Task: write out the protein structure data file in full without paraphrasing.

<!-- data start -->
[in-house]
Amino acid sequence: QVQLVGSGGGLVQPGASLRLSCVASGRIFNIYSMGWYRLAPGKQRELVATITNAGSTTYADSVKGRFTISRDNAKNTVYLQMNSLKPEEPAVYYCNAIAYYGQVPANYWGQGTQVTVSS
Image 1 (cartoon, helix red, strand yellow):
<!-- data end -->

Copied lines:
[in-house]
Amino acid sequence: QVQLVGSGGGLVQPGASLRLSCVASGRIFNIYSMGWYRLAPGKQRELVATITNAGSTTYADSVKGRFTISRDNAKNTVYLQMNSLKPEEPAVYYCNAIAYYGQVPANYWGQGTQVTVSS
Image 1 (cartoon, helix red, strand yellow):